The keys to a healthy lifestyle are pretty generic: eat healthy, get enough sleep, and of course, get off the couch and get some physical exercise as much as possible.

Video games are one of countless options for kids to stay inside (Unsplash / Sean Do)
Video games are one of countless options for kids to stay inside (Unsplash / Sean Do)

While we're not sure about the sleep or the diet of New Yorkers (yet), some concerning statistics have come out about the physical fitness of Empire State residents, and specifically, teenagers in New York.

So, just how lazy are the teenagers of New York?

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New York Teens Are Among the Laziest in America

ABC News 10 published a study, which used data from the CDC’s Youth Risk Behavior Surveillance System to rank which state had the most, and least active teenagers in the United States. The study listed four columns of data: percentage of teens who exercise seven days a week, 5+ days a week, zero days a week, and a column for percentage of teens who play on a sports team.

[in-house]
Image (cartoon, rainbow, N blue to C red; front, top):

Based on this criteria, here is how New York teens rank in 44 of the 50 U.S. states:

  • Teens who exercise seven days a week: 19.2% (41 of 44 listed)
  • Teens who exercise 5+ days a week: 38.7% (T-36 of 44 listed)
  • Teens who exercise zero days a week: 20% (T-10 of 44 listed)
  • Teens who play on a sports team: N/A (not listed)

Those numbers are, in a word, low. How does New York compare to other states, and the country as a whole, though?

How Do New York's Teens Stack Up Against the Rest of the Country?

According to the same report, South Dakota has the most teens that claim they work out seven days a week, with a percentage closing in on 30%. Illinois, meanwhile has over 50% of their teens saying they work out five, or more, days per week. What's more, over a quarter of Louisiana's kids say they don't work out at all.

Kids being active (Unsplash / Spikeball)
Kids being active (Unsplash / Spikeball)

Nationwide, an estimated 17% of kids don't exercise at all, while 44.1% say they were active five or more days per week. So, New York has less kids who don't work out at all, but less who are consistently physically fit.

Will a drop in COVID-19 cases lead to more New Yorkers being active? There's hope, but then again, there's much more to inside nowadays, so these numbers could continue to drop instead.

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